Privacy SOS

FBI reportedly shuts internet, impersonates repairmen to spy on hotel occupants

You've likely heard that the government has gotten caught impersonating people a lot over the past couple of weeks. The DEA was found to have impersonated a young woman by creating a fake Facebook profile using images they harvested off a confiscated cell phone. The FBI impersonated AP by sending a surveillance target what looked like a regular news link, but which really installed malware on the target's computer when he clicked. The CIA infamously got busted impersonating a Senate Select Intelligence Committee staffer in order to interfere with the committee's investigation into CIA torture.

Now there's another case. This one maybe even more bizarre than the others. The Hill reports:

A lawsuit alleges that FBI agents shut off internet access to three Las Vegas villas and then posed as repairman to gain access to the houses.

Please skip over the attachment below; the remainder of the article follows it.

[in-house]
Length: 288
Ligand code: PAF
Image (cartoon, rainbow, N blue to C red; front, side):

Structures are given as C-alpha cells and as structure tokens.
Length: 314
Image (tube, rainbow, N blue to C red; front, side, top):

The agency was investigating the residents of the houses — located at a luxury hotel — for their suspected involvement in online sports betting.

Defense attorneys for the men who were charged in the betting case said FBI agents used the tactic despite the opposition of an assistant U.S. attorney.

Cops and FBI agents don't need to get a warrant to come into your house if you invite them inside. In that way, law enforcement is like vampires. If a police officer knocks at your door and you let her in, she can arrest you if she sees drugs on the counter. You invited her in, giving up a sizable chunk of your Fourth Amendment rights.

The FBI exploited that loophole here by working with staff at the hotel to shut off the internet, dressing up like internet repair guys, and gaining entrance to the targets' rooms by claiming they were there to fix the 'problem'. It worked. The agents—impersonating repairmen—were invited inside, where they secretly filmed evidence that was later used to obtain arrest warrants.

Now we know we can't necessarily trust the guys who say they are from Comcast—in addition to anyone on Facebook, well-established media organizations, and senate employees—to be who they say they are. Who doesn't the federal government impersonate?

© 2021 ACLU of Massachusetts.